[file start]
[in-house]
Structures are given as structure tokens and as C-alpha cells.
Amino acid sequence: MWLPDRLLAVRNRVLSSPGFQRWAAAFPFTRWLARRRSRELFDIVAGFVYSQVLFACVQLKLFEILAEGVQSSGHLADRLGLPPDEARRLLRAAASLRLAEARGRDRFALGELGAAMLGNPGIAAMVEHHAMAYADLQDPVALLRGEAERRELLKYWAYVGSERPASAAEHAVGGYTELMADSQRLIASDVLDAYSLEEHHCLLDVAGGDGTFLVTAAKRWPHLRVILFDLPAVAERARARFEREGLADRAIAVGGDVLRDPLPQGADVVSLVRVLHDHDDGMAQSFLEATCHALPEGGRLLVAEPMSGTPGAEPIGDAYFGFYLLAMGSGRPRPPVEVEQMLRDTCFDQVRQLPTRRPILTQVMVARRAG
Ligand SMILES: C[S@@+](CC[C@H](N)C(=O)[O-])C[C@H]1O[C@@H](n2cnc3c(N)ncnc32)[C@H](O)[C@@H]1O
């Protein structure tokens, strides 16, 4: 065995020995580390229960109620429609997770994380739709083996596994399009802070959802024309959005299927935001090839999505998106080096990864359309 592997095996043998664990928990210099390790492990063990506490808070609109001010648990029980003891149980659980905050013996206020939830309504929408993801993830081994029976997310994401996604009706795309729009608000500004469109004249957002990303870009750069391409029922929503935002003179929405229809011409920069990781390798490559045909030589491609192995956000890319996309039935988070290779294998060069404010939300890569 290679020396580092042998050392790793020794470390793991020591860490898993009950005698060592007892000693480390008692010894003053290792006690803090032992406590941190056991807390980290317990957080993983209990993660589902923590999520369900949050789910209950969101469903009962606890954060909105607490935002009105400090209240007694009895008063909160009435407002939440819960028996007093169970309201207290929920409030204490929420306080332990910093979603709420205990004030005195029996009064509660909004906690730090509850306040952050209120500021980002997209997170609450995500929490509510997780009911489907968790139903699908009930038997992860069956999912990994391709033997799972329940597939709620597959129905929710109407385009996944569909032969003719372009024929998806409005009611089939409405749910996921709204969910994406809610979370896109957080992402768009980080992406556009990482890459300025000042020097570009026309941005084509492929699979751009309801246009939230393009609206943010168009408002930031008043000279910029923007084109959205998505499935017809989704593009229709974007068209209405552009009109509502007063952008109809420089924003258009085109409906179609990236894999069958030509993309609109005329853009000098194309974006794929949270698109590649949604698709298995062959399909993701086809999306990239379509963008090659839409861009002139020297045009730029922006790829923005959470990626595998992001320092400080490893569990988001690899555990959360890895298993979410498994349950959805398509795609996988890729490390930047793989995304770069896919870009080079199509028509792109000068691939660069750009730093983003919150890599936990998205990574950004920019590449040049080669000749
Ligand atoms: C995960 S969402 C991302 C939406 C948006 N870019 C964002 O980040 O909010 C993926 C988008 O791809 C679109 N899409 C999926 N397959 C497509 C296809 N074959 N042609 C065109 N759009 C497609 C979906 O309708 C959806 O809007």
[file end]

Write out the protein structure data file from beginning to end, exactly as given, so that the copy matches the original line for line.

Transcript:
[in-house]
Structures are given as structure tokens and as C-alpha cells.
Amino acid sequence: MWLPDRLLAVRNRVLSSPGFQRWAAAFPFTRWLARRRSRELFDIVAGFVYSQVLFACVQLKLFEILAEGVQSSGHLADRLGLPPDEARRLLRAAASLRLAEARGRDRFALGELGAAMLGNPGIAAMVEHHAMAYADLQDPVALLRGEAERRELLKYWAYVGSERPASAAEHAVGGYTELMADSQRLIASDVLDAYSLEEHHCLLDVAGGDGTFLVTAAKRWPHLRVILFDLPAVAERARARFEREGLADRAIAVGGDVLRDPLPQGADVVSLVRVLHDHDDGMAQSFLEATCHALPEGGRLLVAEPMSGTPGAEPIGDAYFGFYLLAMGSGRPRPPVEVEQMLRDTCFDQVRQLPTRRPILTQVMVARRAG
Ligand SMILES: C[S@@+](CC[C@H](N)C(=O)[O-])C[C@H]1O[C@@H](n2cnc3c(N)ncnc32)[C@H](O)[C@@H]1O
């Protein structure tokens, strides 16, 4: 065995020995580390229960109620429609997770994380739709083996596994399009802070959802024309959005299927935001090839999505998106080096990864359309 592997095996043998664990928990210099390790492990063990506490808070609109001010648990029980003891149980659980905050013996206020939830309504929408993801993830081994029976997310994401996604009706795309729009608000500004469109004249957002990303870009750069391409029922929503935002003179929405229809011409920069990781390798490559045909030589491609192995956000890319996309039935988070290779294998060069404010939300890569 290679020396580092042998050392790793020794470390793991020591860490898993009950005698060592007892000693480390008692010894003053290792006690803090032992406590941190056991807390980290317990957080993983209990993660589902923590999520369900949050789910209950969101469903009962606890954060909105607490935002009105400090209240007694009895008063909160009435407002939440819960028996007093169970309201207290929920409030204490929420306080332990910093979603709420205990004030005195029996009064509660909004906690730090509850306040952050209120500021980002997209997170609450995500929490509510997780009911489907968790139903699908009930038997992860069956999912990994391709033997799972329940597939709620597959129905929710109407385009996944569909032969003719372009024929998806409005009611089939409405749910996921709204969910994406809610979370896109957080992402768009980080992406556009990482890459300025000042020097570009026309941005084509492929699979751009309801246009939230393009609206943010168009408002930031008043000279910029923007084109959205998505499935017809989704593009229709974007068209209405552009009109509502007063952008109809420089924003258009085109409906179609990236894999069958030509993309609109005329853009000098194309974006794929949270698109590649949604698709298995062959399909993701086809999306990239379509963008090659839409861009002139020297045009730029922006790829923005959470990626595998992001320092400080490893569990988001690899555990959360890895298993979410498994349950959805398509795609996988890729490390930047793989995304770069896919870009080079199509028509792109000068691939660069750009730093983003919150890599936990998205990574950004920019590449040049080669000749
Ligand atoms: C995960 S969402 C991302 C939406 C948006 N870019 C964002 O980040 O909010 C993926 C988008 O791809 C679109 N899409 C999926 N397959 C497509 C296809 N074959 N042609 C065109 N759009 C497609 C979906 O309708 C959806 O809007």